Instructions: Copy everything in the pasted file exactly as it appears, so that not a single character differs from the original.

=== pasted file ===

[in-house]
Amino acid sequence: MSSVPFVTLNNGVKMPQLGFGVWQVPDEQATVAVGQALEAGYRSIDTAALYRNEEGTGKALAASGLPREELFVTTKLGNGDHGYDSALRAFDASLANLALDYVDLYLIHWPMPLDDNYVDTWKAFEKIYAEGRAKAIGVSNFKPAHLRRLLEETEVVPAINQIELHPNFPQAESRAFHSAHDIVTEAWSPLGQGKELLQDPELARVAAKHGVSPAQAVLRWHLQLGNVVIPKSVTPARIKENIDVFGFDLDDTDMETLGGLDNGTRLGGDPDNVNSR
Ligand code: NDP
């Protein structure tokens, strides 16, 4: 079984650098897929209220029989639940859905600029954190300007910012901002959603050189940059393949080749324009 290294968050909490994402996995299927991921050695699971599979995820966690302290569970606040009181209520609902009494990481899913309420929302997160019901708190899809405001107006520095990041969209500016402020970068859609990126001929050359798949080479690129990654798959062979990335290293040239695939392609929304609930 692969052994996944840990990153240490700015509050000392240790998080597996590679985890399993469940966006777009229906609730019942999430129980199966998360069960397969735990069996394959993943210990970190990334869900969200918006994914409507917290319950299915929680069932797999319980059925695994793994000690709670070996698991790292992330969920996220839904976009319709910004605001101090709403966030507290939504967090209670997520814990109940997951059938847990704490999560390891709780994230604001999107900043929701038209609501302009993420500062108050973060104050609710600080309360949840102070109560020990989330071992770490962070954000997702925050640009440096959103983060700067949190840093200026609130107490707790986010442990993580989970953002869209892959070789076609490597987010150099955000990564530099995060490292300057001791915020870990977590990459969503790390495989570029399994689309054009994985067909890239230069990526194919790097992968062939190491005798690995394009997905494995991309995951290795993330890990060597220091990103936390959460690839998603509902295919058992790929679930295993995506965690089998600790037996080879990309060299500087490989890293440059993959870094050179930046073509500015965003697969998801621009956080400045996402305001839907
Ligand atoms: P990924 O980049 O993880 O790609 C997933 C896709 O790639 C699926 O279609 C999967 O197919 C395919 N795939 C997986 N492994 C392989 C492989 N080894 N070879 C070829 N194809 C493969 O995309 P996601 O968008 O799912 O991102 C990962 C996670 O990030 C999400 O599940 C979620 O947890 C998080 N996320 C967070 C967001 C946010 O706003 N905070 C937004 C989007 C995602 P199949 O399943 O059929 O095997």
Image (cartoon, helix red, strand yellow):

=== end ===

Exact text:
[in-house]
Amino acid sequence: MSSVPFVTLNNGVKMPQLGFGVWQVPDEQATVAVGQALEAGYRSIDTAALYRNEEGTGKALAASGLPREELFVTTKLGNGDHGYDSALRAFDASLANLALDYVDLYLIHWPMPLDDNYVDTWKAFEKIYAEGRAKAIGVSNFKPAHLRRLLEETEVVPAINQIELHPNFPQAESRAFHSAHDIVTEAWSPLGQGKELLQDPELARVAAKHGVSPAQAVLRWHLQLGNVVIPKSVTPARIKENIDVFGFDLDDTDMETLGGLDNGTRLGGDPDNVNSR
Ligand code: NDP
């Protein structure tokens, strides 16, 4: 079984650098897929209220029989639940859905600029954190300007910012901002959603050189940059393949080749324009 290294968050909490994402996995299927991921050695699971599979995820966690302290569970606040009181209520609902009494990481899913309420929302997160019901708190899809405001107006520095990041969209500016402020970068859609990126001929050359798949080479690129990654798959062979990335290293040239695939392609929304609930 692969052994996944840990990153240490700015509050000392240790998080597996590679985890399993469940966006777009229906609730019942999430129980199966998360069960397969735990069996394959993943210990970190990334869900969200918006994914409507917290319950299915929680069932797999319980059925695994793994000690709670070996698991790292992330969920996220839904976009319709910004605001101090709403966030507290939504967090209670997520814990109940997951059938847990704490999560390891709780994230604001999107900043929701038209609501302009993420500062108050973060104050609710600080309360949840102070109560020990989330071992770490962070954000997702925050640009440096959103983060700067949190840093200026609130107490707790986010442990993580989970953002869209892959070789076609490597987010150099955000990564530099995060490292300057001791915020870990977590990459969503790390495989570029399994689309054009994985067909890239230069990526194919790097992968062939190491005798690995394009997905494995991309995951290795993330890990060597220091990103936390959460690839998603509902295919058992790929679930295993995506965690089998600790037996080879990309060299500087490989890293440059993959870094050179930046073509500015965003697969998801621009956080400045996402305001839907
Ligand atoms: P990924 O980049 O993880 O790609 C997933 C896709 O790639 C699926 O279609 C999967 O197919 C395919 N795939 C997986 N492994 C392989 C492989 N080894 N070879 C070829 N194809 C493969 O995309 P996601 O968008 O799912 O991102 C990962 C996670 O990030 C999400 O599940 C979620 O947890 C998080 N996320 C967070 C967001 C946010 O706003 N905070 C937004 C989007 C995602 P199949 O399943 O059929 O095997």
Image (cartoon, helix red, strand yellow):